3. “The Zillow Zestimate Says The House I’m Selling Or Buying Is Worth More or Less”. There are lots of great new tools online to help you understand information about homes. However, as you climb up the food chain with custom features and various types of golf course or lakefront views on Lake Norman, its almost impossible for a computer program to have any idea what the inside of the home looks like, its trims or updates in critical areas like the kitchen or master bath, etc. “Zestimates”, are probably a decent indicator in tract communities where lot size and builder updates were comparable from house to house, but when you start moving up into custom homes and those with a wide variety of expensive features and upgrades, the most accurate indicator of price, far and away, is the value of the closest and most recent sold comparable homes, and at times that can be a very challenging thing to pin down. One of just many reasons you need a realtor who’s been in every home in close proximity to your price range.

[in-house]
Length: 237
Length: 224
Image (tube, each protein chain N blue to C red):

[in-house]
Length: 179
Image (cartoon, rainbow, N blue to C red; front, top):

4. “Realtor Fees Are High For Just Marketing The Home, I’m Going To Try By Owner Or A Discounter Firm”. One of the great misconceptions about the fees involved in selling your home, is that of associating the cost to “market” your home, with what you are actually paying for, which goes well beyond that part of the process. At our firm, getting the house maximum exposure is just one small part of what comes with our fee. Many of our clients are selling expensive homes, and strategy of pricing, understanding when market momentum is or isn’t in your favor, as well as the negotiating of the deal, can many times impact one of our clients by 50,000 to well over 100,000 dollars in the eventual negotiated price of the home. This winter we had a client who saw an agent down the street in The Peninsula dramatically reduce and sell a home in the 500k range to a list of 510 and sale of 470k. It was January, and our leading indicators told us that due to the lower inventory this spring, an increase in early showing traffic, and improving economic picture, that our clients with a similar home had a chance to do better than the one down the street. We advised that they hold their ground, not reduce to under 500, and in March we sold the home with multiple offers at 520,000, a more than 50,000 dollar premium to the home down the street. Our clients had asked should they reduce, and while it would have been easy for us to say yes, we advised against it and made our clients a huge amount of money. That 50,000 went well beyond a couple percentage points of commission on the broker fees, it represented almost 10 percent of the value of the house. How your broker prices a home, how they negotiate the deal, and how the handle the inspections and appraisal on a luxury home, can impact the ultimate sales price by amounts of money that double or triple the commission fee, something to think about in evaluating selling your home.